Being a role model in the community matters, he also said.
“Should I be lucky enough to be elected, I ensure I have the proper judicial temperament ... and compassion,” he said.
The candidate said that, above all else, judges “facilitate conflict resolution.” They need to possess good, judicial temperament and, reading from his campaign card, said his background and life experiences have helped him “become decidely self assured yet not arrogant, nor entitled; staunchly principled yet tolerant; knowledgeable yet open and fair minded; and even tempered yet not unduly passive. These are the traits and characteristics which personify an effective judge which I believe that I possess.”
He cited maintaining the dignity of the courtroom, and instilling confidence in the system of judicial law. “I want those attending and those involved to leave the courtroom whether they agree or disagree, (to have) confidence in the system so that when they leave the courtroom, they believe that the system does work.”
Sensitivity to others’ feelings and being able to set aside your own as a judge is of great importance, according to DiStefano. “How you treat people is crucial,” she said, adding that she has represented “the poorest of the poor and multi-million dollar divorces and everything in between.”
“Temperament is how you treat people ... poor or rich, smart or not smart,” she said. “All human beings deserve to be treated fairly.”
“When this election is over, we all have to live and work together for the good of our community,” she concluded. “Our temperament as judges ... we don’t hold grudges, we look past that.”
4. Which of the three courts - Family, County or Surrogate - consumes the most amount of the county judge’s time and why is that important when choosing a candidate?
As to the first part of question, Revoir said Family Court “consumes most amount of time,” running Monday through Thursday and averaging 30 cases per day. It’s so busy, in fact, that Supreme Court Judge Dowd is asked to preside over the court at times. Revoir added that McBride and current Chenango County Judge W. Howard Sullivan, for years, have asked for the creation of a second judge position.
“(I spend) the vast majority of my time overseeing Family Court ... I practice in Family Court every day. If the primary role (of the county court judge) is to preside over Family Court, the focus should be on experience in Family Court.”
She concurred with Revoir and said that – as part of her duties – she spends Mondays and Wednesdays in Family Court
“It’s very simple, more time is spent in family court. I am there. I am there from 9 a.m. to late in the afternoon ... it’s backlogged ... there are an overwhelming number of cases to be dealt with.”
That’s not to say Criminal Court is not important, she added, although in her opinion it “does not take up as much time.”
“It’s very clear to see that Family Court consumes most of the time,” stated diStefano, adding she is the candidate that is “most familiar with” and has the “most experience with” Family Court.
He said he believed that Thursday was the first time in two weeks that Judge Sullivan has overseen Family Court, due to a Criminal Court trial. Fourteen weeks each year, he added, are dedicated to jury trials.
“That is the judge’s primary responsibility ... they call it County Court Judge for a reason.”
McBride stated that Judge Dowd is currently handling the overflow, and while Family Court runs Tuesday, Wednesday and Thursday, Judge Sullivan spends a lot of time in County Court.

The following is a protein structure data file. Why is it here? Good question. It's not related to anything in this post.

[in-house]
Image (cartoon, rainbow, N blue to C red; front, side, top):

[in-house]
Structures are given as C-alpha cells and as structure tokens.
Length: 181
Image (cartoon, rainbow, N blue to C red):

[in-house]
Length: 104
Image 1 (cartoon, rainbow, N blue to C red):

“They’re not interchangeable. Family Court is one of the most important responsibilities (the) County Court Judge has ... it’s every bit as important as Criminal Court, although fact based. Criminal Court a lot more complicated ... (we) need a judge qualified to do all three things.”
Question 5. Many in this audience will never come before a judge. Why is it important to them who is seated on the bench?
“We do not live in a perfect world. If we did, we would not need a judge.”
DiStefano said that “everybody knows somebody,” whether it’s a neighbor, friend, relative or co-worker that has been involved in some way with county court.
“It happens, nobody is immune from bad things happening to them.”
A good judge, she added, is a source of pride for any community.
“Judge Sullivan is a good man (and) it’s important that we have a good judge. I hope if I were to be elected that someone says that about me some day, that I was a good woman. It’s a ripple effect ... (we) need to have an effective leader on the bench.”
“Directly or indirectly, this judge will touch your lives ... this judge will affect your life or someone else’s’ life that you know.”
McBride said the community needs a good, stable and qualified candidate, adding that the Chenango County Judge is responsible for justice being done for families and for the court.
“We have some issues in our community ... we need to make sure justice is done for all. The (county court judge) can effect the quality of life we have in our community. You have to make sure you benefit from the most trial experience as a member of Chenango County.”
“In any setting, the vast majority of you will never have to appear before the county court judge, but one should never presume it won’t happen.”
Revoir said that most people appearing before the county court judge “didn’t expect to be there, but they are,” and what happens is likely to “affect and touch upon your life as well.”
He concluded that all voters should educate themselves and their understanding of the county court judge’s duties.
“Everyone, and I mean everyone, has an interest and a stake in this judicial race that is worth protecting.”
All three candidates seemed pleased with the night’s outcome and reminded voters to hit the polls for the primary, which open at noon on Sept. 13. During his closing statement, McBride said he will not pursue the Conservative or Independence party lines on the November ballot if not selected the Republican Party’s candidate.
“I made that promise to myself a long time ago,” stated McBride.
"I think at the end of the forum those who attended realized that these individuals are not only qualified, they were also three very good people. Personally I'm thankful that our candidates are willing to come forward and be of service to all of us who call Chenango County home," said Evening Sun Publisher Dick Snyder.